Understanding and Halting the Process of Metastasis
According to cancer biologist at Stanford University, Amato Giaccia, metastasis is not a passive process. Cells don’t simply break off the primary tumor and lodge somewhere else. Instead, the cells actually secrete substances to precondition target tissue and make it more amenable to subsequent invasion.
When the researchers examined this chemical process, they found the elaborate dynamics of, and how to stop, the process of metastasis – the migration of cancer cells to faraway sites in the body to produce tumors that are even more malignant than the primary tumor. The team, which conducted the study on mice, is optimistic that the same results can be reproduced with humans.
It was previously known that certain types of cancer metastasize preferentially to specific parts of the body, and that certain cells that originate in the bone marrow congregate around that future colonization site, known as a pre-metastatic niche, and facilitates the malignant cells’ entry. Also previously known was that an enzyme called lysyl oxidase (LOX) somehow aids the process of metastasis.
In normal healthy tissue, LOX helps the growth of connective tissue. But tumors abnormally increase the production of LOX. And when LOX expression is suppressed in mice, cancer migration is halted as well. What the recent study discovered was the suppressing LOX in mice that had been injected with human breast cancer cells not only stopped the usually metastasis to the lungs but also prevented bone-marrow-derived CD11b cells from concentrating in the lungs and forming niches.
The researchers claimed that the CD11b cells secrete a protein that destroys the collagen in the connective tissue surrounding the lungs, allowing cancer cells a colonization point. Giaccia claims that we’ve never fully understood before how normal tissues were modified to allow metastases to target and successfully invade them.
We are now aware that LOX goes directly to the target tissue and attracts CD11b and other bone-derived cells to the pre-metastatic niche. If the mouse data is transferable to humans, and we have reasons to think it will be, we really believe we man have found an effective treatment method for human disease.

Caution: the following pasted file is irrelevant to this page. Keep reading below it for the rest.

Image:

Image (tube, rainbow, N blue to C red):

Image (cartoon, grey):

Further research published in Nature Cell Biology has found a cancer-fighting gene that converts organ cells that change into highly mobile stem cells back to their original stationary state. This newly discovered activity of the p53 gene offers a potential avenue of attack on breast cancer cells thought to play a central role in progression and spread of the disease, according to researchers from The University of Texas MD Anderson Cancer Center.
Long known for monitoring DNA damage and causing defective cells to kill themselves, p53 also activates bits of RNA that inhibits two proteins, the researchers discovered. This prevents conversion of epithelial-differentiated cells, which line or cover an organ, into cells that resemble mesenchymal stem cells when stimulated by the TGF-B(beta) growth factors. Mesenchymal cells are mobile adult stem cells that have the potential to reproduce them cells and differentiate into a variety of cell types.
According to senior author, Mien-Chie Hung, blocking this conversion from epithelial cell to mesenchymal cell type is critical since that change plays an important role in cancer metastasis. Research has found that about 80 percent of all solid tumors start in the epithelial cells. However, 90 percent of cancer deaths are a result of metastasis. Stopping this process will be a central focus of future studies.
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